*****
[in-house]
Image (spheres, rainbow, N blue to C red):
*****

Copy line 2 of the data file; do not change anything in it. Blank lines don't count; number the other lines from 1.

Image (spheres, rainbow, N blue to C red):